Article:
I was vastly disappointed by the result of last night's hockey match between the Canadiens of Montreal and the Kings of Los Angeles. First of all, I expected something much more regal and understated, and more in line with the Kings' team name. I have dined with several kings, you see, and I found them to be much calmer in demeanour and smaller in stature than the boorish athletes I saw on the ice wearing synthetic fabrics.
I did not pay very much to sit a few rows behind the glass at the Bell Centre, which is a terrible name for a public place since it bears the name of but a lowly inventor, rather than a great horseman or perhaps a duke. I thought that I would partake in the watching of this sport, despite its popularity with the working classes. I can understand why citizens of lower classes enjoy such events, as the tickets cost a pittance! Beverages were sold at a very low cost as well, though that is to be expected as they were served in plastic cups. I did not care for the easy availability of alcoholic beverages, nor for the noise level that was unnaturally high for a crowd of so many thousands. I was very fortunate to have been warned of this by my footman, and prepared myself by asking my manservant to fetch my mink earplugs before I left my manse.
I noticed that every time the Kings of Los Angeles inserted the rubber disk into the cordoned-off area behind the keeper, the people inhabiting the seats in my row grew discouraged. It was not until the Canadiens' leader - I believe they call him a coach, though I saw no horses - chose to relieve the keeper of his duties, that I understood. This young man had not done his job properly, and as such was soon met with unemployment. The same very nearly happened when I watched one of my good friends fire his stable boy after a particularly loud sneeze. I was shocked at such a public display. Why, my crystal monocle nearly fell out of my eye! Such a fortunate stroke of luck that it did not, as it would likely have landed on the floor, or worse, on someone's denim pantaloons. Can you imagine? What a horrible thought.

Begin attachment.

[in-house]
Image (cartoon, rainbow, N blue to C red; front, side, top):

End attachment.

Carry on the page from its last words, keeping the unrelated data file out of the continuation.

It was also quite disappointing that the moving players on the Canadiens' squad were unable to allow their disks to reach the cordoned-off area behind the keeper. I expected them to be able to do this, as the Kings of Los Angeles were capable of this feat more than once. Ultimately, I began to lose patience and thought my time would be better spent elsewhere, as this hockey squad was unable to acknowledge the honour of my presence. They probably assumed that their amphitheatre was filled with people whose income is smaller than theirs, and not noblemen such as I. In order to avoid further disrespect on the part of this hockey squad, I thought it best to return to my manse and enjoy the rest of the evening sipping my finest brandy in the presence of my string quartet. I shan't be returning to the Bell Centre, as the quality of the entertainment was even lesser than the puny cost of admission.
I have learned my lesson.